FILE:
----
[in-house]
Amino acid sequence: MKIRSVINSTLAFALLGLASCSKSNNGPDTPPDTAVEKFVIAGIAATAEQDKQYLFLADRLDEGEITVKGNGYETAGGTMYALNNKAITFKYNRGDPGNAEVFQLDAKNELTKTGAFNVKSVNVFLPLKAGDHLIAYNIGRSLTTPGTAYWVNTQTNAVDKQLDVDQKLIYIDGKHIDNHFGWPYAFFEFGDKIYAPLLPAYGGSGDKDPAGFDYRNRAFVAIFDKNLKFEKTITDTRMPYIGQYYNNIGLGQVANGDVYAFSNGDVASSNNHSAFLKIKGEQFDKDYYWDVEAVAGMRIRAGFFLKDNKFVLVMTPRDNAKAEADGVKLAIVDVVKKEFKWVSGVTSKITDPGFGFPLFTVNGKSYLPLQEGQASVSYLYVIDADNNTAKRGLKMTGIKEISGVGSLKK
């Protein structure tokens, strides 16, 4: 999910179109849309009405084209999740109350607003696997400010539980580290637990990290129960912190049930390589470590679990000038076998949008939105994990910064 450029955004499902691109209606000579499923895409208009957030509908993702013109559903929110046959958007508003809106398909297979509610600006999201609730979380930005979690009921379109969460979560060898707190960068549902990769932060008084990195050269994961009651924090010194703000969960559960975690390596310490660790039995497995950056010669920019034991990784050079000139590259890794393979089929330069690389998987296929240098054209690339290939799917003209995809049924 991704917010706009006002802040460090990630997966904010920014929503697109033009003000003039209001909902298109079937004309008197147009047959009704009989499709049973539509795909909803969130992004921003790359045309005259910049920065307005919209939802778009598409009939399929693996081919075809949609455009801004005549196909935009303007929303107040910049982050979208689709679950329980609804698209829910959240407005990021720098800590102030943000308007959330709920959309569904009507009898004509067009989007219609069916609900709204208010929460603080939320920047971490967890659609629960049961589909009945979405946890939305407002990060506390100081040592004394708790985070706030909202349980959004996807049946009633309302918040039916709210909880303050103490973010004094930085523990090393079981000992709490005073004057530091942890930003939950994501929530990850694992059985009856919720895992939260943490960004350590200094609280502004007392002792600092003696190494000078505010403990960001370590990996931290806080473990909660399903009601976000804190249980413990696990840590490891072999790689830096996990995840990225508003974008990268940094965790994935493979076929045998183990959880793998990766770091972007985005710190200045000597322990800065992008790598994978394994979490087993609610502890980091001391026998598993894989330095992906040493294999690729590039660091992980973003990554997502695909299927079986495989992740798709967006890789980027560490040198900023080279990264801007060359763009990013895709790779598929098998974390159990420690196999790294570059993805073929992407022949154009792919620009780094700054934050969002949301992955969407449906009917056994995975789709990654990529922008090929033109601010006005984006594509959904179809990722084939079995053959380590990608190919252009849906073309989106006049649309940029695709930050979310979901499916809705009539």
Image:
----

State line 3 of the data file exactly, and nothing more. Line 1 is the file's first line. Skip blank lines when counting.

């Protein structure tokens, strides 16, 4: 999910179109849309009405084209999740109350607003696997400010539980580290637990990290129960912190049930390589470590679990000038076998949008939105994990910064 450029955004499902691109209606000579499923895409208009957030509908993702013109559903929110046959958007508003809106398909297979509610600006999201609730979380930005979690009921379109969460979560060898707190960068549902990769932060008084990195050269994961009651924090010194703000969960559960975690390596310490660790039995497995950056010669920019034991990784050079000139590259890794393979089929330069690389998987296929240098054209690339290939799917003209995809049924 991704917010706009006002802040460090990630997966904010920014929503697109033009003000003039209001909902298109079937004309008197147009047959009704009989499709049973539509795909909803969130992004921003790359045309005259910049920065307005919209939802778009598409009939399929693996081919075809949609455009801004005549196909935009303007929303107040910049982050979208689709679950329980609804698209829910959240407005990021720098800590102030943000308007959330709920959309569904009507009898004509067009989007219609069916609900709204208010929460603080939320920047971490967890659609629960049961589909009945979405946890939305407002990060506390100081040592004394708790985070706030909202349980959004996807049946009633309302918040039916709210909880303050103490973010004094930085523990090393079981000992709490005073004057530091942890930003939950994501929530990850694992059985009856919720895992939260943490960004350590200094609280502004007392002792600092003696190494000078505010403990960001370590990996931290806080473990909660399903009601976000804190249980413990696990840590490891072999790689830096996990995840990225508003974008990268940094965790994935493979076929045998183990959880793998990766770091972007985005710190200045000597322990800065992008790598994978394994979490087993609610502890980091001391026998598993894989330095992906040493294999690729590039660091992980973003990554997502695909299927079986495989992740798709967006890789980027560490040198900023080279990264801007060359763009990013895709790779598929098998974390159990420690196999790294570059993805073929992407022949154009792919620009780094700054934050969002949301992955969407449906009917056994995975789709990654990529922008090929033109601010006005984006594509959904179809990722084939079995053959380590990608190919252009849906073309989106006049649309940029695709930050979310979901499916809705009539």